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The certain activities case: what implications for the no-harm rule?

Brent, KA ORCID: 0000-0003-0983-2906 2017 , 'The certain activities case: what implications for the no-harm rule?' , Asia Pacific Journal of Environmental Law, vol. 20 , pp. 28-56 , doi: 10.4337/apjel.2017.01.02.

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The customary law duty to prevent significant transboundary harm and harm to the global commons (‘no-harm’ rule) has developed considerably since it was first enunciated in the 1938/1941 Trail Smelter arbitration. This article reflects on this development and analyses what implications the 2015 Certain Activities case has for existing understandings of the no-harm rule. The International Court of Justice (ICJ)'s judgment provides greater clarity concerning procedural obligations flowing from the no-harm rule by establishing a positive obligation to ascertain risk and a sequence in which procedural obligations arise. However, it raises questions concerning the nature of the substantive obligation under the no-harm rule. Specifically, whether breach of the substantive obligation is subject to establishing that an activity has resulted in significant transboundary harm. The ambiguity in the Certain Activities case highlights the need to further clarify and develop the content of the no-harm rule to better enable it to contribute to the governance of contemporary transboundary and global environmental problems.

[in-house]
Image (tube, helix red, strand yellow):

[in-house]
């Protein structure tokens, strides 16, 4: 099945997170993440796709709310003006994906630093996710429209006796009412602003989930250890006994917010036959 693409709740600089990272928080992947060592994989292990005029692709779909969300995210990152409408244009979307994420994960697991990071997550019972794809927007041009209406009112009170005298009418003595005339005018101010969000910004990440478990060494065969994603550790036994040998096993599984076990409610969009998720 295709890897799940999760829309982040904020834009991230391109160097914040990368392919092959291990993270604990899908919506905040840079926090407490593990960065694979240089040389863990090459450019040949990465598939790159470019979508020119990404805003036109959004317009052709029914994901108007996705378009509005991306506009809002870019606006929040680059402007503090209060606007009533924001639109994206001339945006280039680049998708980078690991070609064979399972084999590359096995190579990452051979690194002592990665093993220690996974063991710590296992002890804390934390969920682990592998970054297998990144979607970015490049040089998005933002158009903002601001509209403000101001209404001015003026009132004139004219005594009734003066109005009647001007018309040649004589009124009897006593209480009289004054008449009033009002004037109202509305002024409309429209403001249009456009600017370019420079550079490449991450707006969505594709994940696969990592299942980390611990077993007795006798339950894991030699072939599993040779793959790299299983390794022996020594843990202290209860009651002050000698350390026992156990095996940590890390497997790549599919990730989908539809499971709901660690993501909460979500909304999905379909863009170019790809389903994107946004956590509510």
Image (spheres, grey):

Item Type: Article
Authors/Creators:Brent, KA
Keywords: no-harm rule, transboundary harm, prevention, due diligence
Journal or Publication Title: Asia Pacific Journal of Environmental Law
Publisher: Edward Elgar Publishing Ltd.
ISSN: 1385-2140
DOI / ID Number: 10.4337/apjel.2017.01.02
Copyright Information:

Copyright 2017 The Author. Journal compilation Copyright 2017 Edward Elgar Publishing Ltd.

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